Dr Margaret McCartney has today published an article in the BMJ entitled ‘Overprescribing antidepressants: where’s the evidence?’ which casts doubt on the validity of figures used by CEP to highlight the growth of prescribing of antidepressants.
“CEP said that antidepressant use had increased by 92% in England since 20035; however, it cited the Health and Social Information Centre, which records prescription items rather than prescription amounts. Over the past decade GPs have been told to prescribe tablets monthly rather than, as previously, an amount that would last 2-3 months. The number of items dispensed is likely to have increased as a result—but it is uncertain, from the data cited by the Council for Evidence Based Psychiatry, whether this means that more people are taking them,” says McCartney.
The full article can be seen at: http://www.bmj.com/content/348/bmj.g4218
However a 2013 OECD survey shows that the HSCIC figures used by CEP are very close to OECD data for the UK, and also to the rate of prescribing growth in 19 other developed nations. Prof. Peter Gøtzsche has written a response to the article which makes this point: “Margaret McCartney questions whether there is overprescribing of antidepressants and doubts that the information provided by the Council for Evidence Based Psychiatry that antidepressant use had increased by 92% in England since 2003 is correct. I can assure McCartney that the use of antidepressants has increased dramatically. An OECD report found an increase in defined daily doses of 88% between 2000 and 2011 in the United Kingdom, similar to the average of 89% in 19 OECD countries.”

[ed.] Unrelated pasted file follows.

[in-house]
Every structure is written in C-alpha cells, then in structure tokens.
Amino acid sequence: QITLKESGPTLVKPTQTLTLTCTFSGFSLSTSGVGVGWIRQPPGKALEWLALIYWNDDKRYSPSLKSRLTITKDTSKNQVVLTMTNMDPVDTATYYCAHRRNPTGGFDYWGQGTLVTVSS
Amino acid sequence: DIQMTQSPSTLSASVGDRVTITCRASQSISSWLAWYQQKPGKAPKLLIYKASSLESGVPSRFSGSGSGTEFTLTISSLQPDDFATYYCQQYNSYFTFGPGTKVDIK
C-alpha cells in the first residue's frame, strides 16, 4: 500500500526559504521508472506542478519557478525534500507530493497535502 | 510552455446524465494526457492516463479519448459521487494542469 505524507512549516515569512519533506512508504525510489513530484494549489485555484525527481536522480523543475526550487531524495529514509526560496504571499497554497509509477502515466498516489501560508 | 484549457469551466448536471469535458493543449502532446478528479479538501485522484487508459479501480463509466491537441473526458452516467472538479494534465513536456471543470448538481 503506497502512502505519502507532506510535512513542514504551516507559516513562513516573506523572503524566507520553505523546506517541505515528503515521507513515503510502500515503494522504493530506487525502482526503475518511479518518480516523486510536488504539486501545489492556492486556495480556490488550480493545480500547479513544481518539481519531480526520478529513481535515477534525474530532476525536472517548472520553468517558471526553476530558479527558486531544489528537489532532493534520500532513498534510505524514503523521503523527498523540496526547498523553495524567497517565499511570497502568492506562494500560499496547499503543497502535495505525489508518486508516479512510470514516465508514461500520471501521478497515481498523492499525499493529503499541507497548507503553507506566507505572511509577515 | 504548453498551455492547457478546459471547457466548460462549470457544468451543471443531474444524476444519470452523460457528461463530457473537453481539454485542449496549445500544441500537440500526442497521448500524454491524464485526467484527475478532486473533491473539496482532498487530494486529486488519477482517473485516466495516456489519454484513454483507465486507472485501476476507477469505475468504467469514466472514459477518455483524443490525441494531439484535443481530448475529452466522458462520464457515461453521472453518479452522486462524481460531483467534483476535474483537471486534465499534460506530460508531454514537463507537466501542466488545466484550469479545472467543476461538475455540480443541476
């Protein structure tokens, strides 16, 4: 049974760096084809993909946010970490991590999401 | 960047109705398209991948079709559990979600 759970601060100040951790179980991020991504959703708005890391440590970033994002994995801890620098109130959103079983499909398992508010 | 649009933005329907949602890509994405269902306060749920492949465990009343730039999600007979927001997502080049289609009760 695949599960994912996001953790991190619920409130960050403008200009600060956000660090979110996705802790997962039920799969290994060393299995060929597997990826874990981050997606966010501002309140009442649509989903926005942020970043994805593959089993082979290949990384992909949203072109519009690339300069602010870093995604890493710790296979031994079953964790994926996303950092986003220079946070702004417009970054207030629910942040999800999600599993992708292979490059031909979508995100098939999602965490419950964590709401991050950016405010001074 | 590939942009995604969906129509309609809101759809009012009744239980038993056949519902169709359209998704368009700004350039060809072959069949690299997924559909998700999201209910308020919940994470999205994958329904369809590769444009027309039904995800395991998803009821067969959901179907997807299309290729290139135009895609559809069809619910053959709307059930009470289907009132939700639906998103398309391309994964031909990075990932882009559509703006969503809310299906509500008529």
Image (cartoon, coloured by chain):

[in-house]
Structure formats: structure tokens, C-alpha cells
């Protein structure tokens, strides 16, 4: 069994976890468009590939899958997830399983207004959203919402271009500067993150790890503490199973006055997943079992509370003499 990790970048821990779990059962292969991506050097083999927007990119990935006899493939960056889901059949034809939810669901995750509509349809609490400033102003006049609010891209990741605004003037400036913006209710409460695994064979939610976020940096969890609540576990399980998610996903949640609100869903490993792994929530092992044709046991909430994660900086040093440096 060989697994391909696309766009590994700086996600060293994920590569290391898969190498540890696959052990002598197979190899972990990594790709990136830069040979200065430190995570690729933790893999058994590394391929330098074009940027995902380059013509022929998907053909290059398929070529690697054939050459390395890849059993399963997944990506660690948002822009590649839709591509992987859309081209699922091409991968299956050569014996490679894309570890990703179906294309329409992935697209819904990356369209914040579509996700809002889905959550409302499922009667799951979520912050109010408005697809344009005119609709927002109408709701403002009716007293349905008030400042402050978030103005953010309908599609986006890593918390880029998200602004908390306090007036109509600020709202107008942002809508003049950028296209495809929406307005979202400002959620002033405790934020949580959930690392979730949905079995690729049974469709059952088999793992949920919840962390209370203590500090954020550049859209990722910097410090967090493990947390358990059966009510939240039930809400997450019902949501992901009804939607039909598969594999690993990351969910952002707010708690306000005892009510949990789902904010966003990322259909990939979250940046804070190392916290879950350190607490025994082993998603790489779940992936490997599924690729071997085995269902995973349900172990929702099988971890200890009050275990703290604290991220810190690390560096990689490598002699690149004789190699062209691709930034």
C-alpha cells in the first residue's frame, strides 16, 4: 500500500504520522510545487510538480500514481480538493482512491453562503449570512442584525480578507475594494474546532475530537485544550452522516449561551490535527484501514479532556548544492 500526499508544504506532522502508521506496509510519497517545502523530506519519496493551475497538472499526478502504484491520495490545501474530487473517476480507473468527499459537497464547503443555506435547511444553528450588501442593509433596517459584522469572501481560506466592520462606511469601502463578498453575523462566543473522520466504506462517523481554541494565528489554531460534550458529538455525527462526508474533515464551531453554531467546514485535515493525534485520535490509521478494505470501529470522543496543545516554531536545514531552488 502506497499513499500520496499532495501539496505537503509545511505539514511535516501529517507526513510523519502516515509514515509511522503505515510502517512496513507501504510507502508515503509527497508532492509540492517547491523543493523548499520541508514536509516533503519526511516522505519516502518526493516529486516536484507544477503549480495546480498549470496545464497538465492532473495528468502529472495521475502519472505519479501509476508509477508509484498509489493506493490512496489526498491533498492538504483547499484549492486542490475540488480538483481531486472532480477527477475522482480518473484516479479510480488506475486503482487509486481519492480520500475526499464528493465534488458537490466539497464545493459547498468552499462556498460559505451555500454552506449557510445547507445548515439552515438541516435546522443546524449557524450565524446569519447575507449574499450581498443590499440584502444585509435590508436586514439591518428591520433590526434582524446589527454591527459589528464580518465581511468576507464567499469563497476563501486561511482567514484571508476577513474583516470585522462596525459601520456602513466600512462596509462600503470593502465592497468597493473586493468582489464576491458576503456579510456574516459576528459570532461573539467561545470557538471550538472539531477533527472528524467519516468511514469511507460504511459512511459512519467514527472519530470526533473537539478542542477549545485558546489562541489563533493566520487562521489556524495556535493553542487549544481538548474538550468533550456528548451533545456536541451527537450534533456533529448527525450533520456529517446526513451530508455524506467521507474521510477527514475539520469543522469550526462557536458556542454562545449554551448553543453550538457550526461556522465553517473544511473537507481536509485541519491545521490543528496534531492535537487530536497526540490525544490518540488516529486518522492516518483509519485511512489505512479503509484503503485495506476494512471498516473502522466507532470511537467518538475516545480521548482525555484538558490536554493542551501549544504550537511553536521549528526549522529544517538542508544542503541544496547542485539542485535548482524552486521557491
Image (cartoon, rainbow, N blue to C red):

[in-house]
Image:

The full response can be seen here: http://www.bmj.com/content/348/bmj.g4218/rapid-responses